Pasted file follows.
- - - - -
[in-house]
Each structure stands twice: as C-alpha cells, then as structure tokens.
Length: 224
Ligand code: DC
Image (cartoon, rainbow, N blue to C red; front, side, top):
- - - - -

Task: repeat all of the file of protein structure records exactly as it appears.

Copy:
[in-house]
Each structure stands twice: as C-alpha cells, then as structure tokens.
Length: 224
Ligand code: DC
Image (cartoon, rainbow, N blue to C red; front, side, top):